Tuesday, 9 October 2007

Part One: A 1940s weekend with helicopter

Well, I am so clued up about 1940s stuff now that I may as well draw seams down my legs and be done with it. As you know, when I left you with that tantalising teaser on Thursday, I was heading over to Rougham Air Field for the Ploughs and Propellers 1940s weekend. Except it wasn’t, quite, as advertised…

The first clue should have been there was precious little information available about what was going to actually happen at what time, things that are surely useful to know. So we plumped for midday, and turned up to a varied mishmash of stalls and styles, with barely a nod to the era they were supposed to be representing. There was a tea tent with a lady singer trying bravely to sing songs from the 40s over the rap music blazing from the modern fairground. There were stalls selling the usual air field dooberries – incredibly large overalls, spitfire mugs, plane books, an assortment of what looked like plane parts (or lawnmower insides) dumped on a tarpaulin for people to pick over. An orchestra started up opposite two stationary Merlin engines, just when the Merlin engines were scheduled to start twirling and I guess you can guess the result (Merlin Engines 1, Orchestra 0). But no actual air show or proper 40s anything at all, so we were about to leave…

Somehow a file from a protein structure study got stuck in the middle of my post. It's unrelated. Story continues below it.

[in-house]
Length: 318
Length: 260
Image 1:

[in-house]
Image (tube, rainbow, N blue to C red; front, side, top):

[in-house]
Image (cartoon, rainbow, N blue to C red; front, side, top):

Then we saw a helicopter.

There were two lonely looking people manning a lonely looking table way over the side of the field, so we thought we would stroll over, and see how much a flight cost. Most of the times these are quite expensive, so we decided no more than £20 each. Well, bored people said it was £50 for two, so I asked if, since there was not much happening, whether they’d accept £20 each and they said yes. Woo-hoo! So there I was, waiting to go up in a helicopter, except…

...except is now the time I mention I’m not that keen on heights?

No, now is not the time, I thought, as we bound across to the helicopter a bit like the President of the United States but not quite. No, now is not the time at all, I thought, as I sat in the back and found my seat belt and the door was slammed. Oh goodie, I thought. A helicopter. I fumbled for my camera with trembling hands, cursing myself for being so weak. Yay helicopters… (said weakly).

The pilot was a grumpy old sausage who walked over in full complaint mode about some car parking mistake, and he didn’t even bother to acknowledge he had guests, just started the propellers and suddenly, up we went.

Oh wow – what can I tell you? Me and my pal later decided that planes are all about the ‘along’ but a helicopter is all about the ‘up’. We were up in seconds, and for at least 30 of them I was trying to stop being such a wuss with red teary eyes and everything! Oh dear… can I blame an adrenalin rush? Still, after a bit I allowed myself to relax (i.e not sit bolt upright squeezing my hands so tight together my knuckles had gone white) and just enjoy it, and I did! It was fab! It lasted all of five minutes, but we were buzzing all weekend from it, and I would definitely do it again. Maybe next time I would use waterproof mascara just in case though.

Will post part two of the 1940s weekend tomorrow!

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